Our Cities hardly know a church leader or a Jesus follower who is trying to link arms with them to help alleviate their pain

Church Buildings Are Irrelevant. Let's Make It Relevant Again.

The rise of platform technology has ushered in the digital age, a new paradigm for creating, organizing, and working. This technology allows us to connect, learn, and share content in a way that has never been possible. This means preaching has been devalued to a commodity as the best teaching is now readily available by anyone anywhere at any time– any building designed around speaking as the primary function of the church will continue to lose relevance. Digital technology allows one to connect and build relationships without being in the same geographical area. Additionally, it also allows us to put effort into discipling people in the other 167 hours at scale through digital community platforms. We designed our church buildings from a bounded-set paradigm for almost 2000 years. Now technology performs most of the building's past functions better and cheaper. We need new purposes for our building that facilitate a faith community with a centered set.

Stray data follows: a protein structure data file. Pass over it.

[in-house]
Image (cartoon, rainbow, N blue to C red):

I believe those who design the building around relationships and an outpost of care to the community will be more relevant than ever. Imagine with me for a moment: what could a building reformation look like in your community? Could it look like a start-up incubator?  What about Performing Arts Center? Maybe it could become a Learning and Innovation Center. Have you thought about a Co-working space with a daycare for working moms? The possibilities are endless.

Do You Need Help Solving Challenges Caused By Digital Disruption?